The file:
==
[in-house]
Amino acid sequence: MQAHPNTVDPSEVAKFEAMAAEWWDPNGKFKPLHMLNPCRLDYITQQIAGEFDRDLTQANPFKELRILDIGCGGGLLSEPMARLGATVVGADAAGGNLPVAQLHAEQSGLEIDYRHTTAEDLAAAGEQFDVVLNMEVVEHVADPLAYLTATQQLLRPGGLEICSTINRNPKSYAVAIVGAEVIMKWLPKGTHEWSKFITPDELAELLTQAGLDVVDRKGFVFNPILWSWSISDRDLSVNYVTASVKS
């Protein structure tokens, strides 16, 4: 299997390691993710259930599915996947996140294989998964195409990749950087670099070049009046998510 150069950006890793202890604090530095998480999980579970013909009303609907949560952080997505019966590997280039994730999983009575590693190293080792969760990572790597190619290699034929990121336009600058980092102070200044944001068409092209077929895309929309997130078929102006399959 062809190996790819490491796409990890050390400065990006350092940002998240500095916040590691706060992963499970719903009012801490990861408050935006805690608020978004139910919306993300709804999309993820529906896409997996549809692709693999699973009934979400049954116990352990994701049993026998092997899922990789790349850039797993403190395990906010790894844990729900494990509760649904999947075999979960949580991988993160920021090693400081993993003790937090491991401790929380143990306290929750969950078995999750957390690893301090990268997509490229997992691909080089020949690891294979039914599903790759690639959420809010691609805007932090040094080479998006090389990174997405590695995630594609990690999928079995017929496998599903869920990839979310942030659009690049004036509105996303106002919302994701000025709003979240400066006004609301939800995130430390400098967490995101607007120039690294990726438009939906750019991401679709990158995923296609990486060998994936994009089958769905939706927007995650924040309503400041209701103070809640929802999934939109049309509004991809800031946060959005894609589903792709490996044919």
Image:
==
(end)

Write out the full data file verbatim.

[in-house]
Amino acid sequence: MQAHPNTVDPSEVAKFEAMAAEWWDPNGKFKPLHMLNPCRLDYITQQIAGEFDRDLTQANPFKELRILDIGCGGGLLSEPMARLGATVVGADAAGGNLPVAQLHAEQSGLEIDYRHTTAEDLAAAGEQFDVVLNMEVVEHVADPLAYLTATQQLLRPGGLEICSTINRNPKSYAVAIVGAEVIMKWLPKGTHEWSKFITPDELAELLTQAGLDVVDRKGFVFNPILWSWSISDRDLSVNYVTASVKS
């Protein structure tokens, strides 16, 4: 299997390691993710259930599915996947996140294989998964195409990749950087670099070049009046998510 150069950006890793202890604090530095998480999980579970013909009303609907949560952080997505019966590997280039994730999983009575590693190293080792969760990572790597190619290699034929990121336009600058980092102070200044944001068409092209077929895309929309997130078929102006399959 062809190996790819490491796409990890050390400065990006350092940002998240500095916040590691706060992963499970719903009012801490990861408050935006805690608020978004139910919306993300709804999309993820529906896409997996549809692709693999699973009934979400049954116990352990994701049993026998092997899922990789790349850039797993403190395990906010790894844990729900494990509760649904999947075999979960949580991988993160920021090693400081993993003790937090491991401790929380143990306290929750969950078995999750957390690893301090990268997509490229997992691909080089020949690891294979039914599903790759690639959420809010691609805007932090040094080479998006090389990174997405590695995630594609990690999928079995017929496998599903869920990839979310942030659009690049004036509105996303106002919302994701000025709003979240400066006004609301939800995130430390400098967490995101607007120039690294990726438009939906750019991401679709990158995923296609990486060998994936994009089958769905939706927007995650924040309503400041209701103070809640929802999934939109049309509004991809800031946060959005894609589903792709490996044919």
Image: